Shipping is fundamentally about the balance between the supply of ships and the demand of markets and delivery and demolition numbers indicate fundamental oversupply in the coming years, the association noted.
“Through the first nine months of 2019, delivery activity has picked up substantially from last year, particularly in the crude oil tanker segment where deliveries are up 37% year-on-year. In the same period, there has been a 52% reduction in demolitions. When combining the two, the issue of troubling overcapacity is once again looming on the horizon,” Peter Sand, BIMCO’s Chief shipping analyst, said.
Deliveries have jumped in the crude oil tanker fleet. During the first nine months of the year, 23 million deadweight tonnes has been delivered, an increase of 37% in delivered tonnage year-on-year. Total tonnage of dry bulk deliveries has increased 28% y-o-y to a total of 29 million dwt.
Many shipowners opt for delivery in January, in order to nominally decrease the birth age of the ships, which partly explained the many deliveries in January 2019, where 12 very large crude carriers (VLCC) with a total of 3.7 million dwt were delivered.
“In total, 53 VLCCs, adding up to 16 million dwt, have been delivered through the first nine months of 2019. Alongside a slump in demolition activity, the total crude oil tanker fleet has grown at a staggering rate of 5.4% from January to September,” Sand added.
Total tonnage of bulkers, containerships and oil tankers delivered in 2019 has reached 68m DWT, which equates to a +20% accumulated y-o-y growth rate compared to the same period last year. In September, total fleet deliveries amounted to 6m DWT.
On the demolition side only 10 million dwt has been scrapped in 2019, a 52% decrease when compared to the same period last year. Even in light of relatively high demolition activity in recent years, the demolition numbers for 2019 are particularly low. In fact, this has been the lowest annual amount of scrapped tonnage since 2007, BIMCO cited data from Clarksons.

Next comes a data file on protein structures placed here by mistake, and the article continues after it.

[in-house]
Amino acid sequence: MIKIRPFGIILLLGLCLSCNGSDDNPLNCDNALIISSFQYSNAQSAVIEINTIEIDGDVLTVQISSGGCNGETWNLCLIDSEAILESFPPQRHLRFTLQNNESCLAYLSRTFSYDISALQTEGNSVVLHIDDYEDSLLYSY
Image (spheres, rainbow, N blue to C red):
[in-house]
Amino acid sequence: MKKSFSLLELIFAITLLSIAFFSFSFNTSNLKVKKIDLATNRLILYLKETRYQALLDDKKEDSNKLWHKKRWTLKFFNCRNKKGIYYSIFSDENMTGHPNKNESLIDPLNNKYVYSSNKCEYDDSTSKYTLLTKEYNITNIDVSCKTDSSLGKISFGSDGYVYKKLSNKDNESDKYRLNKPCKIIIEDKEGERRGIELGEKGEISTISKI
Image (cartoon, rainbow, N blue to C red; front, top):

“In the first nine months of 2019, we have seen the lowest amount of tonnage being demolished in more than a decade, which sets the industry on a worrisome course towards even greater imbalance of supply and demand,” Sand noted.
Demolition activity grinded to an almost complete halt in September with only 300,000 dwt sent to the scrapyards.
In the fourth quarter of 2019, the commercial shipping markets have seen freight rates shooting through the roof, particularly within the crude oil tanker segment and to some extent, also within dry bulk shipping.
Recent attacks on the Saudi Arabian Abqaiq oil installations and the tightening of U.S. sanctions on Iran have caused average VLCC freight rates to reach to 307,888 USD per day on October 11, 2019. The freight rates have since declined, but remain very high.
The more profitable rates in some segments and opportunistic thinking in the lead-up to IMO 2020 are keeping more ships afloat for the time being, according to BIMCO.
Activity on the contracting side remained subdued throughout 2019 with all segments posting decreases compared to last year. Overall, contracting activity is down by 48% compared to the first nine months of last year, when measured in tonnage.
However, this should be viewed in the light of the heavy contracting activity in 2017-18, that will surely affect the markets in years to come.
“I think, shipowners might refrain from undertaking more newbuilding contracts as a result of the upcoming IMO 2020 Sulphur Cap, which is already a capital-intensive affair with regards to fleet retrofitting of SOX-scrubbers and higher expected bunker costs for owners opting for compliant fuels,” Sand said.
With trade wars, protectionism and slowing global growth that are expected to negatively affect the seaborne demand growth in the upcoming years, BIMCO urges owners to remain collectively committed in ensuring the balance of market fundamentals and not get lost in market hype and speculation.